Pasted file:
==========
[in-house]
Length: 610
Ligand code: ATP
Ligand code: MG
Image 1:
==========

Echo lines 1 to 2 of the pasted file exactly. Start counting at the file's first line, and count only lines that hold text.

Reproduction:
[in-house]
Length: 610